Jan Arnow 1: Book: 'The Tie that Binds'


In part because I've been out of touch for so long, in part because I

thought this listing might be helpful for others in this group

(specifically the parts about which pieces I can share), and in part

because I just needed to write this all down and take a look at it myself,

here's a run-down on some of what's up in my wild, wacky, wonderful world

of violence-abatement work (in no particulary order):


Project or Program: Violence and Values: The Tie That Binds


Description: Book (genre: social criticism).

While some of our nation's most prestigious institutions --

Harvard, Yale, the Centers for Disease Control and

Prevention, The American Academy of Pediatrics, the American Academy of

Child and Adolescent Psychiatry and the American Medical Association to

name but a few -- have enjoyed great success in defining violence as a

public health threat, and while everyone from Hillary Clinton to Dan Quayle

has exhorted us to talk our children into exhibiting only the most positive

of values, no one has yet made the correlation between the negative values

that rule our lives that we actually display and how we create and support

violence by so doing.

Through an accessible and lucid combination of cultural history,

sociological analysis and social criticism, Violence and Values: The Tie

That Binds places the responsibility for our moral prime rate squarely on

the shoulders of all of us who create violence in both direct and indirect

acts of attack, rape, vandalism and terror through the moral values that

we, ourselves, enact through betrayal on a day-to-day basis.

Much more than a humble guide to the moral conundrum of our country

or a sensationalist rehash of the litany of examples of violence so evident

before us, Violence and Values: The Tie That Binds insists, with a focus

that is neither liberal nor conservative, that nobody can be an ethical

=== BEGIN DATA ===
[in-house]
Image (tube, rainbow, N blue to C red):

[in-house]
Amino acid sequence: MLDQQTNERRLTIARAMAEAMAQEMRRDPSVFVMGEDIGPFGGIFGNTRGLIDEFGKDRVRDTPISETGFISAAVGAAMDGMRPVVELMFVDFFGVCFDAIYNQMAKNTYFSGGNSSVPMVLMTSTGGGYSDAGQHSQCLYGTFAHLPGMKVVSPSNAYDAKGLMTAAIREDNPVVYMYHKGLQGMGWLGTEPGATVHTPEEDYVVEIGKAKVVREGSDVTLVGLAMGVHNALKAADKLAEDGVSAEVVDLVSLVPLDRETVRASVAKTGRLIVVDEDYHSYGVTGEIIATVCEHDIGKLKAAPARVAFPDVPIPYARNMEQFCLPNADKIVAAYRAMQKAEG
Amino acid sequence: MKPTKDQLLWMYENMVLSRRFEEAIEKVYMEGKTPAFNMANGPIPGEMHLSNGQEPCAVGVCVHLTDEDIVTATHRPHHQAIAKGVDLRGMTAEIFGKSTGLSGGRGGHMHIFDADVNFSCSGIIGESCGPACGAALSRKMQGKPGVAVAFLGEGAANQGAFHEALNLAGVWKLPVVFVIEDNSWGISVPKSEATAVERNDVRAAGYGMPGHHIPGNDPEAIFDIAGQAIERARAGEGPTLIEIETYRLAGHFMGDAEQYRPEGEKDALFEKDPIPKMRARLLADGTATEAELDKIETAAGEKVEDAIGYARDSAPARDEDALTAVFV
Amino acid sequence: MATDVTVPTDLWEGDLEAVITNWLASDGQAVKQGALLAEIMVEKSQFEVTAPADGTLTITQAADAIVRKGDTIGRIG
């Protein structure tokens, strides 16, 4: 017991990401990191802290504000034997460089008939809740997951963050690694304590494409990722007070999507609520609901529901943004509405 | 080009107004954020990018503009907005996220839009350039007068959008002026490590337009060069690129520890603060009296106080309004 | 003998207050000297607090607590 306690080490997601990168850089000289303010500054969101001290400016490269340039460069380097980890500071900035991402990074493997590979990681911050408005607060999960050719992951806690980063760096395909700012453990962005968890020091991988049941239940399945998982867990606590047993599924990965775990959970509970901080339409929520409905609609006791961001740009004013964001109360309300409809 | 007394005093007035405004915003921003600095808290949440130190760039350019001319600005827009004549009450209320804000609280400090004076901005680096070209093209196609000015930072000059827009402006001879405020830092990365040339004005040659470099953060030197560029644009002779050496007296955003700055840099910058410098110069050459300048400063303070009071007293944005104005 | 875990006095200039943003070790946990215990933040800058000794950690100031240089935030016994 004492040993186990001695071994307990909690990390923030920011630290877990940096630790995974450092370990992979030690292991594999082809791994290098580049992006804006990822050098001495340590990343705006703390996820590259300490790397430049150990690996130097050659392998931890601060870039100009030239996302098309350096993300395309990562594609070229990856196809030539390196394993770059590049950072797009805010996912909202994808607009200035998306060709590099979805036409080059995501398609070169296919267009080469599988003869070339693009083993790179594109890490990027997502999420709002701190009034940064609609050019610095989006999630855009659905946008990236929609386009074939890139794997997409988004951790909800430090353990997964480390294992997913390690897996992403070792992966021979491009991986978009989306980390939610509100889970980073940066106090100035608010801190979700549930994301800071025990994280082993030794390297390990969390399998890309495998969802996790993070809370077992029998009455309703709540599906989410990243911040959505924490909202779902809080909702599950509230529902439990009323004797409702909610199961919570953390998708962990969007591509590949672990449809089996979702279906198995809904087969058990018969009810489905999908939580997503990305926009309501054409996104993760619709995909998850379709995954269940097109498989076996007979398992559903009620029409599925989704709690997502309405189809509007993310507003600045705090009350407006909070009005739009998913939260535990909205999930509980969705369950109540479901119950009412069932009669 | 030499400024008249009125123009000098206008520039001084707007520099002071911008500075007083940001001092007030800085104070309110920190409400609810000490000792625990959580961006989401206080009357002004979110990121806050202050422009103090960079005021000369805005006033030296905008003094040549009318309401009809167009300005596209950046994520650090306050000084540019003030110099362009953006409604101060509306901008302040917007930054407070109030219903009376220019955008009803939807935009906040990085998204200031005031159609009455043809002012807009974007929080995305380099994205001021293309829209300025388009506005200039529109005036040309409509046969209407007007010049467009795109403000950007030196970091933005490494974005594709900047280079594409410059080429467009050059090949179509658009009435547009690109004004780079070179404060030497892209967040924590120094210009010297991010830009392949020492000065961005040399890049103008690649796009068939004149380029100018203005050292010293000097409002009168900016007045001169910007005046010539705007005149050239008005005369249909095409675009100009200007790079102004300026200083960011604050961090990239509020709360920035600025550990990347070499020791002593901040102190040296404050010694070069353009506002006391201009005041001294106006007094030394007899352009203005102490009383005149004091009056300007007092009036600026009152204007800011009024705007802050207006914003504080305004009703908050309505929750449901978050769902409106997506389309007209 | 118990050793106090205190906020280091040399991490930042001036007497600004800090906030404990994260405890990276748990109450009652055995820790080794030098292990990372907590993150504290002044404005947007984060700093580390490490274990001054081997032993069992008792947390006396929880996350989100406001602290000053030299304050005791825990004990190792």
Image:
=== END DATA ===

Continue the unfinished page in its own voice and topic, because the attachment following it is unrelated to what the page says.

bystander. This book urges a shared sense of responsibility in stemming

our free-floating aggression and detachment from the community.

Taking a turn from the current popular books on values and morals

that exhort us to preach virtuous morality to our children, Violence and

Values: The Tie That Binds instead examines the negative values that we are

so practiced in displaying. Using examples drawn from all segments of our

society -- from managed care to corporal punishment, from government and

corporate doublespeak to environmental racism -- chapters on greed,

dishonesty, intolerance, impatience, revenge, disrespect, inequality and

wrath clearly make the connection between our current levels of violence

and the ways in which we live our lives. Each of these chapters includes a

profile of a person, corporation or institution that has recognized the

need to buck the trend and which, therefore, practices and asserts the

positive rather than the negative value.

To place the book's information in a context that allows the reader

to relate the material to his or her own life, an introductory chapter

explores both what we currently know about the biological, sociological and

psychological roots of aggression and violence, and the ways in which moral

character does, or does not, develop. The concluding chapter explores what

we can do on a personal level to make the necessary changes to better our

lives and, therefore, our world.

Violence and Values: The Tie That Binds concludes with an extensive

resource section to assist the reader in taking positive steps toward

effecting sociable change. Fully indexed, this volume makes an invaluable

contribution toward understanding how violence is a direct consequence of

our very human actions.


Costs: $0 but time, to date.


Status: Proposal and extended outline is finished and has been submitted

to, and rejected from, two publishers. Research 50% completed.


Current Challenges: Finding a publisher who will be willing to publish it.


Pieces I Can Share with WAVE: The proposal and extended outline by fax or

snail-mail (it's long); chapters as I get them written.



I've probably forgotten some really important parts, but that's enough for

now. Any and all feedback is appreciated!


My best to all of you --


Jan (jarnow@iglou.com)



Jan Arnow, Director; Institute for Intercultural Understanding

1207 Summit Ave. Louisville KY 40204 USA

Phone and fax: +1 502 454 0607 email: jarnow@iglou.com


"Though I am different from you, we were born involved in one another."

T'ao Chien


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